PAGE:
J Formos Med Assoc. 2019 Oct 22. pii: S0929-6646(19)30007-5. doi: 10.1016/j.jfma.2019.10.006.
This prospective study evaluated the predictive ability of psychiatric symptoms at initial consultation for the occurrence and remission of Internet addiction during a 1-year follow-up period among college students. Furthermore, it evaluated the predictive ability of changes in psychiatric symptoms for Internet addiction at the initial consultation during the 1-year follow-up period among college students.
Five hundred college students (262 women and 238 men) were recruited. The baseline and follow-up consultations measured the levels of Internet addiction and psychiatric symptoms using the Chen Internet Addiction Scale and Symptom Checklist-90 Revised, respectively.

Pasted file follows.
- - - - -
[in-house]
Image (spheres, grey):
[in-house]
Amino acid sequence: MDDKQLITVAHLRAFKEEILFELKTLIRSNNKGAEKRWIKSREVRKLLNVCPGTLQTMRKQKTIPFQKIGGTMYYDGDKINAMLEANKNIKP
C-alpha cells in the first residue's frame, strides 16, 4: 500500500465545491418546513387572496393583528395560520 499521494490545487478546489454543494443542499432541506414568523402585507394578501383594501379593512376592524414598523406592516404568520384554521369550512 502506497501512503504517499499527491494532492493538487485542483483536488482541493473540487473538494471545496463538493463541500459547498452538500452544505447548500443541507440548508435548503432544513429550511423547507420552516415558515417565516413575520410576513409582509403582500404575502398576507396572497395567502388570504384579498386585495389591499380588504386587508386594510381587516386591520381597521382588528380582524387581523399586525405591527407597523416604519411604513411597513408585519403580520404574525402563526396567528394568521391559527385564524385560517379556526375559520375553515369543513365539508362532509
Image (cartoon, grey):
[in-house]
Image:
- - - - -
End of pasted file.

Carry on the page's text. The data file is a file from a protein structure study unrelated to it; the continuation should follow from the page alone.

The results indicated that severe interpersonal sensitivity and paranoia symptoms might predict the incidence of Internet addiction at 1-year follow-up. The college students with internet addiction did not have significant improvement in the severities of psychopathology, whereas those without internet addiction had significant improvement in obsession-compulsion, interpersonal sensitivity, paranoid and psychoticism during the same period.
Psychiatric symptoms and Internet addiction exhibited bidirectional relationships in college students during the 1-year follow-up period.
KEYWORDS: College student; Internet addiction; Psychiatric symptoms